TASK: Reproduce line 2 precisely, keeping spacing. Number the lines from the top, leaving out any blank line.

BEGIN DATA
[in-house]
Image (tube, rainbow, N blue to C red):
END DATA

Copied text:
Image (tube, rainbow, N blue to C red):